Petition filed with United States Supreme Court challenging life sentence of marijuana offender Corvain Cooper
Corvain Cooper has been sentenced to life for marijuana offenses, based on the Federal “Three Strikes” law. His attorney is asking the Supreme Court to review.
Halscott Megaro, P.A. (N/A:N/A)
— Patrick Megaro, Attorney for Corvain Cooper
Explains Corvain’s attorney who filed the petition, Patrick Megaro: “In the legal realm, you have to present the issue as a legal query. In this case, the official query presented to the U.S. Supreme Court is ‘Whether a Petitioner Who Was Sentenced to Life Without the Possibility of Parole, Which was Enhanced By Two Later Invalidated State Convictions, May Apply for Resentencing …’ The reality of the situation is that drug law reform, especially marijuana reform, is at the forefront in many state legislature’s agendas. Marijuana is now legalized, decriminalized, or approved for medicinal use in one form or another in the majority of States. Due Process and fundamental fairness are at the heart of this case. Boiled down to its essence, the question for this Court is whether a sentence of life without parole is justified for a person who now has no predicate felony convictions.”
Corvain Cooper was charged in the United States District Court for the Western District of North Carolina with conspiracy to distribute and possession with intent to distribute 1,000 kilograms or more of marijuana, and conspiracy to commit money laundering and structuring transactions. A special information was also filed against Cooper, alleging two prior felony convictions for possession of drugs (one for marijuana, one for codeine cough syrup) in the California state courts. The filing triggered a mandatory life sentence without parole. The reason for the unusually harsh sentence is the so-called “Three Strikes” law. This law requires a person guilty of committing a drug felony and two other previous drug felony convictions to serve a mandatory life sentence in prison. The “Three Strikes” law significantly increases the prison sentences of persons convicted of a felony who have been previously convicted of two or more violent crimes or drug felonies, and limits the ability of these offenders to receive a punishment other than a life sentence.
Mr. Cooper tried appealing his conviction and sentence, stating that the sentence of life for non-violent crimes was against his Eighth Amendment rights (Amendment VIII) of the United States Constitution which prohibits the federal government from imposing excessive bail, excessive fines, or cruel and unusual punishments. However, the United States Court of Appeals for the Fourth Circuit upheld the case, and the Supreme Court declined to even hear the case.
The State of California enacted Proposition 47 in 2014, which re-categorized several non-violent offenses as misdemeanors. Prior to enacting Proposition 47, possession of marijuana was considered a felony. This also allowed people who had prior felony convictions under the old statute to vacate them.
Proposition 64 (the Adult Use of Marijuana Act) was enacted on November 9, 2016, by the State of California which legalized the use of recreational marijuana. This Act permitted certain people who had been convicted of marijuana felony offenses to apply to vacate those convictions and reclassify them as misdemeanors. Thus, his attorney is trying one more time.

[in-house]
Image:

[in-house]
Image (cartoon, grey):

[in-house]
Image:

Adds attorney Patrick Megaro, “I have been representing Mr. Cooper and I have said from day one, that I am in this fight to represent Corvain Cooper no matter how long it takes. Today, is yet another example of my strong commitment.” Mr. Megaro went on to add, “We need to quit playing political games and allow the sentence to fit the crime, as both of these Propositions (47 and 64) favor individuals such as Corvain Cooper.”
Patrick Megaro has simultaneously filed a petition for commutation of sentence with President Donald Trump on Corvain Cooper’s behalf, and has started a petition on Change.org in support of the petition that already has over 3,000 supporters.
The “Petition for Certiorari” filed on behalf of Corvain Cooper with the U.S. Supreme Court should be available soon on the Court’s website at https://www.supremecourt.gov under “Docket Search.”
A Wikipedia article on Three-Strikes Law is at https://en.wikipedia.org/wiki/Three-strikes_law
The underlying court cases are United States v. Cooper, 624 Fed.Appx. 819 (4th Cir. 2015), and United States v. Cooper, 714 Fed.Appx. 259 (4th Cir. 2018). According to a press release of the U.S. Attorney’s Office, “from in or about 2004 through January 2013, Cooper was involved in a drug conspiracy that trafficked marijuana from California to the Charlotte area. Court records show that Cooper was charged with conspiracy to distribute and to possess with intent to distribute at least one thousand kilograms of marijuana as well as money laundering conspiracy and structuring financial transactions through banking institutions to avoid IRS reporting requirements. Cooper, along with two co-defendants, Evelyn LaChapelle and Natalia Wade, were convicted of all charges on October 18, 2013, following a three-day trial.” He was sentenced to life in prison on June 18, 2014. See https://www.justice.gov/usao-wdnc/pr/california-drug-trafficker-sentenced-life-prison-drug-conspiracy-and-related-charges
For more information, contact:
Patrick Michael Megaro, Esq.
Halscott Megaro, P.A.
1300 North Semoran Boulevard, Suite 195
Orlando, FL 32807 USA
Phone: (407) 255-2164
Please review the latest Change.org petition for Mr. Corvain Cooper, and sign and support this worthy cause: https://www.change.org/p/donald-trump-release-corvain-cooper-from-life-imprisonment-without-parole-for-a-non-violent-drug-crime
Halscott Megaro, P.A.
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"Three strikes law, by Patrick Michael Megaro, Criminal Defense Attorney